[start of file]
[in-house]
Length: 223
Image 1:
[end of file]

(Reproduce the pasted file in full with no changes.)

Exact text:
[in-house]
Length: 223
Image 1: